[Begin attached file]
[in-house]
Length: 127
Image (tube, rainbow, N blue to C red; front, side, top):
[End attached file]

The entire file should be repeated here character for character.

[in-house]
Length: 127
Image (tube, rainbow, N blue to C red; front, side, top):